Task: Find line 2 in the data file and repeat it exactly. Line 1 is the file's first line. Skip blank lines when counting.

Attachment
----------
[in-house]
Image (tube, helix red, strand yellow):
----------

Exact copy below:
Image (tube, helix red, strand yellow):